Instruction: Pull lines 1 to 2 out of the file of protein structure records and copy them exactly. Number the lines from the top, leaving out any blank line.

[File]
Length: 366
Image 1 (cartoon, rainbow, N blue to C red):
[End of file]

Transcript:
Length: 366
Image 1 (cartoon, rainbow, N blue to C red):